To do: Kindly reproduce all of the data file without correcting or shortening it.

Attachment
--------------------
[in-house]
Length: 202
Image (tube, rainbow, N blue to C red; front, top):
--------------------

[in-house]
Length: 202
Image (tube, rainbow, N blue to C red; front, top):